Sunday, December 4, 2011

Simple Saltines

Alright, here's the deal. I hate p.h.o. You know, partially hydrogenated oil? That stuff is nasty. And it's all over the grocery store. It's in chips, cakes, cereal, pastries, crackers, cookies, doughnuts, ice cream, icing, frozen entrees, margarine, shortening...the list goes on and on.
The culprit

This oil is evil for many reasons, but I'm only going to focus on three here.
1. It raises bad cholesterol and even lowers good cholesterol.* In other words, your body does not process this man made junk the same way it deals with fats that occur in nature. Instead, it goes haywire and knocks your health off balance.
2. It makes everything it’s in taste like plastic. Never mind the fact that its entire purpose is to stabilize processed foods’ taste and texture and increase their shelf life to near infinite bounds. Year-old Twinkie, anyone?
3. It tries to take all the fun out of baking at home--but that's where p.h.o. loses its power.
I refuse to let highly processed, store bought, preservative-riddled confections ruin my fun. Join me, won’t you? Let’s get cooking!

*Follow this link (and this one!) to learn more about the evils of trans fat

The internet is a-buzz with folks making their own crackers. What a delicious way to give p.h.o. the middle finger! Homemade crackers are the ultimate show-off food. And so simple to make. We’re going to start with the simplest cracker—the humble saltine.

1 cup all-purpose flour
2 Tablespoons butter, melted
¼ cup water
½ teaspoon salt
Oil for brushing
kosher or sea salt for sprinkling

Meez. (a.k.a. mise en place, or "set in place")

Pulse the flour and salt in a food processor. This entire recipe can be done by hand, no worries if you don’t own a food processor—delicious crackers can still be yours! Simply whisk the flour and salt together.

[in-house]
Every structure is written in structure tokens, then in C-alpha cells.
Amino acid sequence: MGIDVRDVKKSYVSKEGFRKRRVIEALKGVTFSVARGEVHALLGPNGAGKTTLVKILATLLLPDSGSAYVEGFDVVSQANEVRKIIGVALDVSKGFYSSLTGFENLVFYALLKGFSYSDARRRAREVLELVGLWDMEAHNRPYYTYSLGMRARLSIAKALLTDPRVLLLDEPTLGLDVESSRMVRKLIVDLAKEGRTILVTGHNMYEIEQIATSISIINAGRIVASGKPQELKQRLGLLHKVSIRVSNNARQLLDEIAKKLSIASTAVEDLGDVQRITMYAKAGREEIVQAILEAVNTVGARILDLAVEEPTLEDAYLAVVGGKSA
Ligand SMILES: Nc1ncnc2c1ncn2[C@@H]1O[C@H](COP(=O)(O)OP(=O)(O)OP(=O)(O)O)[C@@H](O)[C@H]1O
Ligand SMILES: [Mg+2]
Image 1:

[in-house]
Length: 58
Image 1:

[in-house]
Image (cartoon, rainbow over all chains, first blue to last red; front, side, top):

Add the melted butter and pulse until coarse. If you’re doing this by hand, keep whiskin’!

Slowly add the water while the machine is running. It will not form a ball, it’s not supposed to. It will be very crumbly. By hand: add water and use two forks to work it in, moistening all the flour. 

Pour the whole mess into a gallon zip top bag, moosh it all together, and form a disk. Make sure to push as much air out of the bag as possible. Chill in the refrigerator for at least 30 minutes. This allows the gluten to relax and will make the dough easier to roll out.
Preheat your oven to 400°F and brush two baking sheets lightly with oil.
Divide the dough in half and roll thin on a lightly floured counter. Seriously, roll it super thin. I’d use a pasta machine if you’ve got one. If you think it’s thin enough, go thinner.

Roll the whole sheet up around your rolling pin, transfer it to the baking sheet, and score into squares – about 2”x2”—with a pizza cutter. Don’t worry about separating the crackers, they’ll shrink as they bake and break themselves apart. Any that don’t do this during baking are easily separated once cooled. Brush lightly with oil, sprinkle with salt, and poke a few holes to keep puffing to a minimum.
Bake 8-10 minutes until toasty on the edges.  These critters brown quickly, so keep an eye out!

They’ll crisp up as they cool and keep for a few days in an airtight container. If you live in a humid climate, you may need to recrisp these. Just put them in a 350˚F oven for a few minutes.
Happy healthy snacking! Can’t wait to hear what you paired your treats with! :]

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